So it's very easy to do,
very efficient way to improve your UIs.
Now, the ViewStub.
How many of you ever used a ViewStub
or even know what it is?
That's not enough.
You guys should, you know, read the docs.
Well, the docs that we wrote.
Hey, we're working on it.
So the idea of a ViewStub is whenever you have a UI
in which there's a part of the UI
that you don't show very often--
I'm sure you've all used, like, the invisible mode
or the gone mode of the views to hide them from the UI.
Uh, so if you have a UI in which, you know,
parts of the UI is most of the time gone
or invisible, instead you can use a ViewStub.
The idea of ViewStub is to, um,
is to inflate part of the UI on demand.
So a ViewStub is an actual view
but it has a size of 0.
So it's 0 pixels wide, 0 pixels high.
It doesn't participate in the layout.
It doesn't draw anything.
So it's really cheap to have a ViewStub
in your view hierarchy.
And when you create a ViewStub,
you give it a reference to an XML layout file.
And whatever you call, um--
you make that ViewStub visible,
it will remove itself from the view hierarchy
and insert the inflated XML layout
where it used to be.
So here it's the same tree,
and in blue, you see-- you can see the ViewStub.
And now we have the same tree,
but the blue, uh-- the blue subtree
actually comes from the XML file
the ViewStub knew about.
So I call set visible on the ViewStub,
the ViewStub disappeared,
and instead we get this new, uh, this new bit of UI.
It's also an awesome way to create generic screens
without paying the cost of having too many views inside.
And this is how you use a ViewStub
It's really easy.
So ViewStub must have an ID
if you want to be able to-- to get the handle of it--
to it and inflate it.
You also probably want to specify the ID
of the inflated view, so that's the ID
that will be assigned to view that
when you inflate with the ViewStub.
And you also want to pass the reference
to the layout you want to inflate.
Now, on the ViewStub, you don't need to specify
the layout_ attribute.
So you don't need to give a width,
you don't need to give a height.
But if you do, those will be automatically assigned
to the inflated view from the XML.
So it's also a really easy way
to reuse an XML layout and still customize it
with specific layout attributes in a given screen.
So then in your code, what you have to do
is, uh, find the ViewStub
and set its visibility to visible,
and magic will happen.
And everything will appear in your UI.
You can also call the method inflate,
instead of setVisibility VISIBLE.
The cool thing about doing an inflate
is that it returns you
a reference to the inflated view.
So you don't have to do another findViewByID
to find the view that you just inflated.
Uh, and I know that we use that in several applications.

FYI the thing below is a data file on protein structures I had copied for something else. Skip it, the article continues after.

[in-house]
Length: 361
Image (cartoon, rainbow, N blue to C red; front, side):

And that's where-- you can use Hierarchy Viewer
to see how other people write their applications.
So if you're wondering how we did
some of the default Android application,
just grab Hierarchy Viewer
and start inspecting your layouts
to see what exactly we did
and where we used ViewStubs.
Another cool XML tag you can use to improve your hierarchies
is called, uh, the merge tag.
Uh, it's a really bad name.
I couldn't find any-- any better name.
So declaring XML--
uh, layouts in XML is pretty awesome.
But the biggest issue is XML itself.
The problem with XML is that you need to have a root tag.
You need a root.
And if you try to create XML layouts
that you reuse in other layouts
or that you inflate with the ViewStub,
you will very often introduce a view--
an extra view in your layout--
just because you must have a root tag in your XML file.
Uh, so here we have an example.
On the left side, you can see a pretty simple UI.
And the blue rectangle-- the blue rectangle
comes from my, uh-- an XML that I inflated.
And you can see it has a parent that's also from layout.
And that's so useless.
I don't need to have a frame layout
inside the frame layout because, you know,
the parent frame layout has only one child.
So one of them is useless.
The reason why I have this sequence of frame layout
is because I included an XML layout.
I needed a root tag.
So I just put a frame layout there.
The merge tag can only be used as the root tag
of an XML layout file.
And it basically tells the system,
"It doesn't matter, ignore me.
"All my children will be assigned
to whatever parents I would normally have."
So if I replace--
Yeah, somebody's using Android.
So if you replace--
uh, and shame on you for not turning the sound down.
So if you replace the frame layout
in the XML file that you're including by a merge tag,
then the hierarchy becomes
the hierarchy you see on the right.
And we have one, uh, one level less
in the hierarchy, so it's more preferment.
It takes less time to inflate and so on and so on.
So that's how you would use the merge tag in XML.
It's really simple. It has no attributes.
You just have to put the name space on the tag.
And I wrote a blog about merge,
so if you couldn't follow what I just said,
go to developer.android.com.
Click the blog tab
and look at the User Interface articles,
and you will find more--
more explanations about the merge tag.